Tim Cornwell in The Scotsman:
The “concrete poet”, whose work often featured inscriptions sculpted on walls or floors, died peacefully at the age of 80 in an Edinburgh nursing home after a long illness.
The director of the Scottish National Gallery of Modern Art, Richard Calvocoressi, yesterday called him “the most original artist to have worked in Scotland in the last 50 years”.
Little Sparta, the garden that Finlay carved out of six acres on the edge of the Pentlands, he said, “is known all over the world and will remain his lasting monument”.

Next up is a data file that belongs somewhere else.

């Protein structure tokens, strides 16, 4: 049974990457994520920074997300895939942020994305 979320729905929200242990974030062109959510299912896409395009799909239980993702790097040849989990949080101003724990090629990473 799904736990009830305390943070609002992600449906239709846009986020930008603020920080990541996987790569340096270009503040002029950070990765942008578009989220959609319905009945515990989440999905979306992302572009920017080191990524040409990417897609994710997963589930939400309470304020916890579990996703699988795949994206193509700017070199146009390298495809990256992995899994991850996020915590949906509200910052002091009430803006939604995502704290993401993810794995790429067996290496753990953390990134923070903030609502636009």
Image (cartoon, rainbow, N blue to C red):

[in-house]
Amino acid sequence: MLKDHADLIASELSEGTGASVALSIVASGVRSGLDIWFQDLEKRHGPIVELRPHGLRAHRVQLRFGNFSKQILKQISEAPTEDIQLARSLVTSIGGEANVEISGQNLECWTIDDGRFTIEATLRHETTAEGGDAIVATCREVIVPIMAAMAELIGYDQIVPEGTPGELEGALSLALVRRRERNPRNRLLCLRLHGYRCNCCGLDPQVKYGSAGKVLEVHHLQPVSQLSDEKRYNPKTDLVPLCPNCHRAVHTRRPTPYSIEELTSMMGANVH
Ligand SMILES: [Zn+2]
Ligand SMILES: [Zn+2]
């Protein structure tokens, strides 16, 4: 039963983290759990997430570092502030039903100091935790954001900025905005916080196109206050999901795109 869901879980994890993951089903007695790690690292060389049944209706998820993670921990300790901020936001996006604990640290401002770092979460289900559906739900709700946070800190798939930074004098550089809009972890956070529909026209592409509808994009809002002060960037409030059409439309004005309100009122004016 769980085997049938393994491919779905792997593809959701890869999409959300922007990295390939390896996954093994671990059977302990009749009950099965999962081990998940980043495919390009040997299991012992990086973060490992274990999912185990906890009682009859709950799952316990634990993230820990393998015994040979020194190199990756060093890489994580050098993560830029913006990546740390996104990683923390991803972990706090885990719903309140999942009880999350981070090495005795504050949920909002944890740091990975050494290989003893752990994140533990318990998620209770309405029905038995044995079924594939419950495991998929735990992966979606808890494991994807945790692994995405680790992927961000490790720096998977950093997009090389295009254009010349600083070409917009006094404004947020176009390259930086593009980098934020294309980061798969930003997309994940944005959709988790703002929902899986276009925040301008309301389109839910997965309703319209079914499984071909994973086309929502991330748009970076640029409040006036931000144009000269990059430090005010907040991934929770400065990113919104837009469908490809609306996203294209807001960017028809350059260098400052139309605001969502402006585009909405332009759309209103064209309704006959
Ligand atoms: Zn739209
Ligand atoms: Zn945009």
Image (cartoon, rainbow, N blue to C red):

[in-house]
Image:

The director of the Royal Botanic Garden of Edinburgh, Professor Stephen Blackmore, said: “Scotland has lost a unique and inspirational gardener and a truly brilliant man.”
More here. [Thanks to Alta L. Price.]